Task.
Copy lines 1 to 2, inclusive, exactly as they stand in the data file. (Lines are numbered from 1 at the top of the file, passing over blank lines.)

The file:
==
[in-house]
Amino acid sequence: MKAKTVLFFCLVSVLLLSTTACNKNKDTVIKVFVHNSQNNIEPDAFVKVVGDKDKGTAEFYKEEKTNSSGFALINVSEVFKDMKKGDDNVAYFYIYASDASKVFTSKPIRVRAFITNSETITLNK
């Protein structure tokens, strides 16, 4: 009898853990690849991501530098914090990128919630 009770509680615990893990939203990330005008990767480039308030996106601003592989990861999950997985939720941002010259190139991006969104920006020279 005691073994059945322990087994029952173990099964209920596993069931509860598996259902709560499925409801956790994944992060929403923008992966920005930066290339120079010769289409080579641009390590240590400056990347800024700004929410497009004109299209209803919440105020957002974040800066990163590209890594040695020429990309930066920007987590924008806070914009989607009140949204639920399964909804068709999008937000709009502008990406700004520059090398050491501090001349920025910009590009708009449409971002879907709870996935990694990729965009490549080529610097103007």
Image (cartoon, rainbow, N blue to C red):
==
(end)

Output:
[in-house]
Amino acid sequence: MKAKTVLFFCLVSVLLLSTTACNKNKDTVIKVFVHNSQNNIEPDAFVKVVGDKDKGTAEFYKEEKTNSSGFALINVSEVFKDMKKGDDNVAYFYIYASDASKVFTSKPIRVRAFITNSETITLNK